Debug Tests into Unit Test Suites
Because one small test will often lead us to discover the true source of a bug, it
that effective debugging should involve lots of testing. There's simply no way to build a reliable system without thoroughly testing it.
Although many programmers may be unfamiliar with the XP style of coding (in which writing the tests is interleaved with writing the code), there is one form of testing that
does while coding:
. Some programmers write these tests using
statements, others write them to work with a standalone debugger, others with the debugger in their IDE of choice.
Quite often, you will see programmers discard these tests once they've gotten the program to run correctly. This is a waste of very good tests. Why not incorporate them into the unit test suite over a program? After all, if one of them were to exhibit an unexpected result, we'd want to know about it.
Incorporating debugging tests into the unit tests can be done with relatively little effort, but there are some adaptations that have to be made. Frequently, we'll write tests for debugging to display information about the internal state of the program, whereas we'll write unit tests to signal only if they fail. That's because debugging and unit testing serve different purposes.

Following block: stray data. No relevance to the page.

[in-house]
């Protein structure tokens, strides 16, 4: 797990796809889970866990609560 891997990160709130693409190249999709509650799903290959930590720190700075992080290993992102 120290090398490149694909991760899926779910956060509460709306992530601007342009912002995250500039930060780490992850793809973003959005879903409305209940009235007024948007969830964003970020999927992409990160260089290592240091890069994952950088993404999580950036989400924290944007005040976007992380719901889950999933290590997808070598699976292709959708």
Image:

When debugging, we are trying to form a more accurate model of the program's behavior, so as to diagnose a bug. But when testing, all we want to know is whether the code passed the tests. If instead we wrote the unit tests to print out a result and then manually checked that it was what we expected, we'd waste a lot of time (or, more likely, we would seldom run the unit tests). So, unit tests tend to be written such that the result is solely one of "pass" or "fail".
Debugging tests can still be used as unit tests with only
modification. Consider that when the program is working correctly, the result of running a debugging test will match some expected result. It is straightforward to modify such a test so that, instead of simply printing out this result, it
the result to what's expected. It can then be incorporated into a unit test suite quite easily.
Just as debugging helps in developing a large suite of unit tests over a program, unit tests can help significantly when debugging. When diagnosing a bug, if you can first run a suite of unit tests and verify that they pass, you can rule out a huge number of potential
for a bug. In this way, unit tests allow you to leverage your cognitive energy when modeling program behavior. This is yet another way that debugging is like performing a scientific experiment.
forms an explanation of an experimental result, he automatically rules out all sorts of explanations that would defy a set of accepted principles about the way the world works. For example, he assumes that the results of his experiment will not change depending on the current weather conditions on Jupiter (well, unless he is performing an experiment on Jupiter), or depending on what he plans to eat for dinner. Unit tests enforce accepted principles of program behavior.